A highlight of most years is to visit a Christmas market somewhere. There is honestly no better way to get into the festive spirit.
This year a trip into London and watching dvds of Elf, Christmas Vacation & Wonderful Life will have to do the trick.
Germany and Austria are considered as the homeland of Weihnachtsstimmung (Christmas mood) and the German speaking world takes the credit as the source of the modern Christmas.
They were the first nation to bring a tree into the house and decorate it and are also the original region for Christmas markets or Christkindlmarkt as they are known in German.
Here are some of my favourite markets from recent years.
Salzburg is undoubtedly my favourite. I have visited 5 times around the festive period and each time I leave with a warm glow. And not just because of the mulled wine!
The main market is around the cathedral. Loads of colourful stalls, a huge tree, strings of lights hanging from every vantage point and an atmospheric skating rink.
I of course also love the bratwurst & gluwein.
One thing that you need to keep an eye out for is the Krampus. In legend they were ghoulish creatures that punished naughty children at Yuletide.
Nowadays they are usually accompanied by St Nicholas and are most likely to whip you gently on the legs with rope, a brush or sticks, whilst Santa hands out sweets.
You can see a very short clip of them in action here.
The last time we went in 2019 we also took a train to the skiing town of Zell am See located on an attractive lake.
The market was very modest but atmospheric all the same.
I visited Cologne in 2016 as part of my visit to watch a Champions League football match.
Köln Weihnachtsmarkt is brilliant – all you have come to love of the German variety of Christmas market.
With the towers of the Groß St. Martin church & the Rathaus (town hall), plus the enormous cathedral as imposing backdrops, the market has everything that you would expect in the way of gifts, decorations and refreshment.
Everything really does look homemade, even if this is highly unlikely. The colourful stalls are wonderful to linger at and even though bargains are hard to find, buying from one of them as opposed to a shop is somehow very special.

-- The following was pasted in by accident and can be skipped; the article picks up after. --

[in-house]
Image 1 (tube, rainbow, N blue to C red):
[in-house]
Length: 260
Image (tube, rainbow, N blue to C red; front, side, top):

Apart from the great setting and the myriad of shopping options, I also loved the skating rink that takes you on a circuit around some of the market area.
The wooden bridge over the ice gave a great view too. As well as skating you can also try your hand at curling – if only I could stand up on skates!
There was also a jolly lady pushing around a music box, a melodic merry-go-round and an entertaining troupe of colourfully clad musicians hanging out of a restaurant window and captivating the small gathering below. The Christmas spirit was definitely stirring!
You can see a few seconds of the band by clicking here.
A visit to the Czech capital is special any time of the year. I have been ten times or more but the Christmas we spent there in 2003 was extra special. They even laid on snow for us!
As is the tradition in many countries, Christmas Eve is when you have the main festive meal. Twelve courses as I recall. We ate in our hotel and were in no state to go wandering afterwards!
The main market is in Old Town Square below the towers of the magnificent Tyn Church and around the corner from the famous clock tower.
Just in case we were not feeling festive enough already, we also went to see a performance of Tchaikovsky’s Nutcracker on Christmas Day at the National Theatre.
Generally I do not think the UK does Christmas markets very well.
I have been to versions in London, Winchester, St Albans and Birmingham and they just didn’t induce much festive spirit in me. Maybe I am being harsh but they just seemed too money-grabbing for my liking.
An exception to this was Manchester, where there were several markets, the main one of which was by the Town Hall.
Manchester did manage to get the spirit flowing. If I hadn’t known better I could easily have been in Germany.
We travelled to Nice way back in 2002 and had not expected to find a Marche Noel.
It was in fact a very good one and my most memorable element was that they had some reindeer that just looked lovely!
Unfortunately I have no pictures, so here are some reindeer that I photographed in Norway instead to make you coo!
Photo taken from the Nice tourism website click HERE for the link.
We stayed in Krakow during the festive period in 2019.
Like Prague, Christmas Eve was the evening for the big meal and we followed this with a beautiful Midnight Mass service at Saint Mary’s Church on the Old Town Market Square.
You can watch a very nice rendition of Silent Night on my Youtube channel.
The square was also home to the excellent Christmas market. All the usual stalls, a marvellous tree and an all round gorgeous setting.
We also paid to go and see a carol concert at the church of St Peter & St Paul in the city. It was blessed cold but we were warmed by some atmospheric musicians & singers.
You can watch a couple of carols on my Youtube channel by clicking O Come All Ye Faithful and Silent Night.
The whole city was decorated wonderfully and I look forward to returning another time.
Being Christmas I of course had to treat Mrs Wilbur to a horse-drawn carriage ride through Krakow’s cobbled streets.
I know that there are loads of other fabulous Christmas markets in the likes of Berlin, Brussels, Nuremberg and many others. Where are your favourites?
I used to like Christmas markets but they seem to have morphed into one with no individuality. I went to Berlin in 2019 and didn’t enjoy the markets one bit. Best one I went to was Tallinn in 2009.
Like everything they just get too commercial. The Hyde Park one is horrid.